Kraehenbuehl said the situation is "nothing short of catastrophic".
The ICRC has said up to 50,000 people are trapped on a small strip of territory in the conflict zone in Sri Lanka's north.
It called on the LTTE to allow civilians to flee the area, and it urged the government to distinguish between military targets and civilians.
"It is imperative that independent humanitarian organisations also be allowed to provide desperately needed services and relief for civilians still trapped in the 'no-fire zone'," Kraehenbuehl said.
Both sides criticised
The US also expressed concern for the condition of Sri Lankan civilians on Wednesday.
Testifying before congress, Hillary Clinton, the US secretary of state, criticised both the Sri Lankan government and the LTTE.
"I think that the Sri Lankan government knows that the entire world is very disappointed, that in its efforts to end what it sees as 25 years of conflict, it is causing such untold suffering," she said.
As for the LTTE, Clinton said: "There seems to be very little openness on the part of the Tamil Tiger leadership to cease their efforts so that we could try to get in and help the people."
Earlier, Sri Lankan refugees escaping the last remaining stronghold of the LTTE described to Al Jazeera the "hellish" conditions they had endured.
Talking to Al Jazeera's David Chater at a reception centre in Pulmudai, which lies just south of the narrow strip of land held by the LTTE, some refugees said that they had been held on a beach and shot as they tried to flee.
"A lot of them are in a very distressed state. They are suffering from heat exhaustion, dehydration and all sorts of illnesses," our correspondent said on Wednesday.
"I've been talking to the Tamils about the conditions they have been in - they described them as 'hellish'."
Hugues Robert, the head of the mission for Medecins Sans Frontieres which is treating the wounded in Sri Lanka, told Al Jazeera on Wednesday that medical teams in Sri Lanka are "reaching the limit".
"What we are seeing inside the hospital is over 400 freshly wounded people coming to us. The cases are that more than three-fourths of them were injured due to a mine blast or bombshell."
The Sri Lankan military says its so-called hostage-rescue operations are continuing.
Brigadier Udaya Nanayakkara, a Sri Lankan military spokesman, told Al Jazeera that the army "rescued" 40,000 civilians from the northern conflict zone on Wednesday alone.
"We are conducting hostage rescue operations, and up til now 100,000 hostages have been rescued by army troops since the 20th of this month," he said.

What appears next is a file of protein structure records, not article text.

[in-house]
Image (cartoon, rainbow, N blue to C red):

"They have been evacuated to welfare camps located in one area."
Officials also said Velayutham Dayanithi, the LTTE's former media spokesman, whose nom de guerre is Daya Master, and an interpreter for group's political wing, known only as George, turned themselves over to government forces on Wednesday.
The war zone of about 21sq km has been split into two sections by the army, our correspondent said.
A Tamil website reported on Wednesday that the Sri Lankan military fired cannons towards a coastal area where the ICRC was preparing to take injured civilians away from the conflict zone.
The LTTE defied a government ultimatum that expired at noon (06:30 GMT) on Tuesday to give up or face a "final assault", saying they will not surrender.
The warning forced tens of thousands of civilians to escape from the conflict zone.
Dr Ghana Gunalan, the director of health services at Trincomalee on the northeast coast, told Al Jazeera that the ICRC had transferred most of the injured to a hospital there.
"Most of these [refugees] have been transported under ICRC flags to Trincomalee. Most people have blast injuries, including to their limbs and abdomens," he said.
"[These injuries] must have been cuased by flying objects that have exploded in front of them."
Mahinda Samarasinghe, Sri Lanka's minister for disaster management and human rights, told Al Jazeera that government forces have not used heavy weapons in the conflict zone.
"If we were using heavy weaponry, by now that area would have been
under the control of the army. It is a very small area that we are talking about. We are taking extreme caution," he said.
Many civilians who have fled the conflict zone are being looked after by the army, he said.
"They are being received by the army, initially checked for weapons and after that they are handed over to the government agency who looks after them in the various camps," he said.
"It is not five-star accommodation but we are trying very hard. There are areas for improvement and we are working on them very consciously."
The UN, which estimates that more than 4,500 civilians have been killed in the past three months, has been one of a number of voices calling for a negotiated truce to allow civilians to leave the rebel-held coastal strip.
The Sri Lankan government has barred independent journalists from entering the war zone.
The LTTE has been fighting for a separate homeland in the north for the country's Tamil minority for 26 years.